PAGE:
Harrison says the impact of the project on the children is incredible.

“The children are really finding their voice and now understand the significance of their school’s story. They feel responsible as citizens to demonstrate to the rest of the world that yes diverse communities can live harmoniously with each other – that there are no divisions between children who speak different languages and come from different places,” she says. “They’ll now say things like Enoch Powell was wrong.”

The project has had a ripple effect in the community and the play is being performed again this month during a conference reflecting Powell’s legacy. Incidentally, the play will be performed at the Heritage Centre, which used to be the Conservative club Powell frequented.

Evolving racism

When HOPE not hate held a forum on immigration in Wolverhampton, participants felt attitudes differed significantly across generations when it came to diversity.

One person said it was “an age thing” and that “you would find a higher percentage of older people are more racist and against migration than you would younger people – and that’s because of schools”. They added: “Like in primary school there was only one Indian girl in my class, now, well when I was in high school there were twenty, thirty – it’s more equal, and now it’s getting better.”

Another participant said: “I think if you scratch the surface in some areas here, you will find racism, definitely. On the whole most people get on, but if you go to certain areas, and scratch the surface it will be there.”

Dr Shirin Hirsch, who is conducting a major research project at the University of Wolverhampton into the impact of Powell’s speech on local community relations, told the Voice Online:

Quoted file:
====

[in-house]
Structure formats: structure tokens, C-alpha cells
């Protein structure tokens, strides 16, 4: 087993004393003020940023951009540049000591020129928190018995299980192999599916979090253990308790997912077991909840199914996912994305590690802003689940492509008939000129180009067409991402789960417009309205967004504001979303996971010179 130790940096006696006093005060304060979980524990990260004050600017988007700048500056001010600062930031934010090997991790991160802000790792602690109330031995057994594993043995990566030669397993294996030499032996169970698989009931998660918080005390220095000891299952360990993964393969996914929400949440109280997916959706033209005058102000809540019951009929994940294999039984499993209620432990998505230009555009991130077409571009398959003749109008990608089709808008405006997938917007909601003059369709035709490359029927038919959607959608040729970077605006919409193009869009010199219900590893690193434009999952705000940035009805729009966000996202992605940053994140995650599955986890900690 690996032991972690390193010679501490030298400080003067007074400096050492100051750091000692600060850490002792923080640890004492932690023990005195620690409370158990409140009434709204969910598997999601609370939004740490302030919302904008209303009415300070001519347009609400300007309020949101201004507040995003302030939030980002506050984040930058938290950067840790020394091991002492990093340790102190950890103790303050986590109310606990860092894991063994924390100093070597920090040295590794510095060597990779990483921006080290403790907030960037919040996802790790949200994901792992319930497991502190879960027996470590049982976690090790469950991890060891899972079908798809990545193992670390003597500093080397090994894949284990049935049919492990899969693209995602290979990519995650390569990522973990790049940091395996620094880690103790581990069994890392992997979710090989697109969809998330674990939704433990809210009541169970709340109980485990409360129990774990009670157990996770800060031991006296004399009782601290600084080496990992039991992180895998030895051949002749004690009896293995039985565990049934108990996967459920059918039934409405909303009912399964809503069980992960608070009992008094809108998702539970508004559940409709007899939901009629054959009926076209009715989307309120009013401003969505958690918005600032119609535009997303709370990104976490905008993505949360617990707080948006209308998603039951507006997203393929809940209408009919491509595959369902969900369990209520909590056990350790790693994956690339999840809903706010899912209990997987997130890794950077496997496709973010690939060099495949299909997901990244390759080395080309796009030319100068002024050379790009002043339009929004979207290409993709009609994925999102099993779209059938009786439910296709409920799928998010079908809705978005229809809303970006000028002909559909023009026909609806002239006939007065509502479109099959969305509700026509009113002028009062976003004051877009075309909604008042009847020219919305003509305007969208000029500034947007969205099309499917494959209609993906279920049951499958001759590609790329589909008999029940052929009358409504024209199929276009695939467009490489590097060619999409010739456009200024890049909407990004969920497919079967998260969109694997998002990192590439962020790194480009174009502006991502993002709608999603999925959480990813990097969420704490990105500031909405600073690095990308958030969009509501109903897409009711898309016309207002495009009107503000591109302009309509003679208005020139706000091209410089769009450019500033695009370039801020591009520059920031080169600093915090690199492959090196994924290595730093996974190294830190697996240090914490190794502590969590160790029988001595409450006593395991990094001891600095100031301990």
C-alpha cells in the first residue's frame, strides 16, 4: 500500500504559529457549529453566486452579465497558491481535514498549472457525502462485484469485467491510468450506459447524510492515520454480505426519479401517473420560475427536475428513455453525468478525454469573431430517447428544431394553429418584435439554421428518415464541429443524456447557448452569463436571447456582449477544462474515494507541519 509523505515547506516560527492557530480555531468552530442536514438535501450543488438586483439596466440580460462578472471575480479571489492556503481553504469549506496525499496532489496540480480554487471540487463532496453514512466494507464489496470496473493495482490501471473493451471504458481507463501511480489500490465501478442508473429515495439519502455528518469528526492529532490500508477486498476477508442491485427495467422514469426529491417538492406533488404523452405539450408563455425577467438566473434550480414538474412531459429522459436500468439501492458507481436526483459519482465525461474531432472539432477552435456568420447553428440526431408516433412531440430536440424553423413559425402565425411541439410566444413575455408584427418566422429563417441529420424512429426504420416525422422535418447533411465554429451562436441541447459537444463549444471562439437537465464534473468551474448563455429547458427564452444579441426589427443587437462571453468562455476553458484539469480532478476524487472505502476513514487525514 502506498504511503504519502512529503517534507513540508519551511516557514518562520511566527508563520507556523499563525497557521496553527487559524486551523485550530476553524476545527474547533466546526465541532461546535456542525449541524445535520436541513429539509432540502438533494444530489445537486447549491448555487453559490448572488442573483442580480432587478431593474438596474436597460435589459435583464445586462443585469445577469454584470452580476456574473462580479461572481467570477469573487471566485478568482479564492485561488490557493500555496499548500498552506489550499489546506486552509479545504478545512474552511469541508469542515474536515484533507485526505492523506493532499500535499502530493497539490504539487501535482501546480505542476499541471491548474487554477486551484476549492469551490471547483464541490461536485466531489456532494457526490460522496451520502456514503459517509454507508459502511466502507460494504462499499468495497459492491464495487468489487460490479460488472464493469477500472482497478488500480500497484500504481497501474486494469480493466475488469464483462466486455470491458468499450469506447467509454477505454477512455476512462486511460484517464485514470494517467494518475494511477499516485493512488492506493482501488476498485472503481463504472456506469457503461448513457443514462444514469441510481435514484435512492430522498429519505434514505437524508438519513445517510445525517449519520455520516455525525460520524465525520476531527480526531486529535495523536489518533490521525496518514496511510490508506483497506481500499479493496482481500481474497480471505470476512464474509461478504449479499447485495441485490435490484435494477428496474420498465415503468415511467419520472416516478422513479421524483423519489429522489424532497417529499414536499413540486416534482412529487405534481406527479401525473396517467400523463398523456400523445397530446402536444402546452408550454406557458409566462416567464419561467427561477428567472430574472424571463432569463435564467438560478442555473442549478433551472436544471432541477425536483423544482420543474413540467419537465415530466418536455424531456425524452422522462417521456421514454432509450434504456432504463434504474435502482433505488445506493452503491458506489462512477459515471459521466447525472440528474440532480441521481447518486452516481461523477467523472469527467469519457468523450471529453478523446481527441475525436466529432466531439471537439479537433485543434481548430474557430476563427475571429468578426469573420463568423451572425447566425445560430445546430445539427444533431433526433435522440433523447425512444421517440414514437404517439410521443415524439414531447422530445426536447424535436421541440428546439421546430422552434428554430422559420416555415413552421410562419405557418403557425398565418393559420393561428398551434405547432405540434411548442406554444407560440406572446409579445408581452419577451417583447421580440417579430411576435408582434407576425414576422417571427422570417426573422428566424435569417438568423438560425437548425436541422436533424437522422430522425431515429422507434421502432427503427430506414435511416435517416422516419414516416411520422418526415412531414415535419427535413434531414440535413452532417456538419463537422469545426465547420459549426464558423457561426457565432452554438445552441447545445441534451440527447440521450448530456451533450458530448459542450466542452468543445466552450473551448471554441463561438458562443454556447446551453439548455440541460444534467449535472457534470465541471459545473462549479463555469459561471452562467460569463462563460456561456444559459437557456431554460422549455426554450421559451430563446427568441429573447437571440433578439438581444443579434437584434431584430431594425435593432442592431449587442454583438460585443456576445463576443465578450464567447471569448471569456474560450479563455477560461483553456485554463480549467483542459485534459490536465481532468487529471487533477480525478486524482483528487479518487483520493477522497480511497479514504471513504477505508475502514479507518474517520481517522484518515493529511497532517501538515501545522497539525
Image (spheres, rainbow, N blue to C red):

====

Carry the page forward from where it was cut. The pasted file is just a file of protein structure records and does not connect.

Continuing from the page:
“Powell’s speech is remembered by a whole range of different voices, but particularly for Black and Asian immigrant communities who had been targeted in the speech, the impact was felt strongly. We are interested in remembering the ignored, local stories within Wolverhampton and discussing new forms of racism but also anti-racist politics which intensified following the speech.”

The picture today

Since Powell’s speech, some of yesteryears language is no longer acceptable, particularly the sort of commonly-used racial epithets.

However, this has morphed more broadly into fears about Muslims, for example, and doom-and-gloom worries about the supposed failure of multiculturalism in Britain. A YouGov poll of 5,200 people commissioned by HOPE not hate, found that 43% predicted relationships between different UK communities will deteriorate over the next few years compared to 14% who feel things will improve.

Yet when questioned about their own circumstances and their immediate community (rather than distant areas), people were far less pessimistic.

Pakistan-born journalist Sarfraz Manzoor says that his father would use Powell’s reputation to warn him against integrating too much with British people. “Powell’s name was regularly cited whenever my father wanted to remind me how easily Britain could turn against us.”

Whether it is former prime minister Gordon Brown speaking about ‘British jobs for British workers’, the former head of UKIP Nigel Farage blaming multiculturalism for the London terror attacks, Telegraph columnist Simon Heffer writing that the Paris attacks had proven Powell right, or the Archbishop of Canterbury claiming incompatibility between Islamic rules and British laws, Powell’s ideas are now part of the general political debate. The words that shocked British politicians in 1968 are now commonplace as Powell’s beliefs have become more mainstream and have some laud him as a ‘visionary’.

Harrison however believes that in Wolverhampton, Powell pushed the community to become more resilient and build stronger links between each other. She says schools could have a major role in developing an integrated society if it remains “outwards-looking” as they have “much to contribute” to the community.